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Zhonghua Yu Fang Yi Xue Za Zhi. 2015 May;49(5):381-6.

[Acceptance and willingness-to-pay for colorectal colonoscopy screening among high-risk populations for colorectal cancer in urban China].

[Article in Chinese]

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Office for Cancer Screening Program in Urban China & National Office for Cancer Prevention and Control, National Cancer Center of China, Cancer Hospital, Chinese Academy of Medical Sciences, Beijing 100021, China.



To survey the acceptance and willingness-to-pay for colorectal cancer colonoscopy screening among high risk populations in urban China.


From 2012 to 2013, a Cancer Screening Program in Urban China (CanSPUC) was initiated in 9 provinces, the current survey was conducted among those participants who were evaluated as "high risk for colorectal cancer" by a risk-factor-evaluation-model (community-based) and then went through a colonoscopy screening procedure (hospital-based). All the data were obtained through a questionnaire-based interview (face-to-face or self-completed), mainly focusing on the acceptance and willingness-to-pay of the participants for colorectal colonoscopy screening.


The current analysis included a total of 1 624 participants, with an median age of 55.0 years (P25 = 49.0, P75 = 61.0 years) and an annual income per capita of 17 thousand (range: 10-25 thousand) Chinese Yuan (CNY), 42.8% (695/1 624) of whom were males. Of all the participants, 87.0% (1 414/1 624) could totally or substantially accept the colonoscopy screening, particularly in those at higher education level (junior high school: OR = 0.34, 95% CI: 0.22-0.52; high school OR = 0.41, 95% CI: 0.26-0.66; college or over OR = 0.35, 95% CI: 0.20-0.59). Of all the participants, 13.0% (210/1 624) could not or hardly accept it, particularly in those with older age (60-69 years) (OR = 1.48, 95% CI: 1.06-2.07), not in marriage (OR = 2.15, 95% CI: 1.25-3.70) or with family member(s) to raise (OR = 1.60, 95% CI: 1.17-2.20). 1 388 (85.5%) of all the participants had willingness-to-pay for a long-term colonoscopy screening service, particularly in those working in public (OR = 0.61, 95% CI: 0.44-0.84) or enterprise sectors (OR = 0.60, 95% CI: 0.38-0.94), but 82.3% (1 141/1 386) of whom would only pay less than 100 CNY; 14.5% (236/1 624) of total had no willingness-to-pay, particularly in those living in areas with moderate (OR = 4.08, 95% CI: 2.75-6.33) or high GDP per capita (OR = 3.26, 95% CI: 2.11-4.92), or with an absence of willingness-to-pay for colonoscopy screening (OR = 3.98, 95% CI: 2.81-5.65).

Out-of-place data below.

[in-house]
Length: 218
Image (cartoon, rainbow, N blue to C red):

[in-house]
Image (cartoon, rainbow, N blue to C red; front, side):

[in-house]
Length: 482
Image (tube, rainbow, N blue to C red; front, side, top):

Although a larger community-based colorectal cancer screening program was warranted to examine the extrapolation of these findings, it suggested that the acceptance for colorectal cancer colonoscopy screening among the selected high-risk populations was considerable. The willing-to-pay was relatively high but the amount of payment was limited, the indicated subgroups with potentially less acceptance or willingness need to be more focused in the future to reach a higher participation rate. The data will also be informative in integrating the screening service into the local health insurance system.

[Indexed for MEDLINE]

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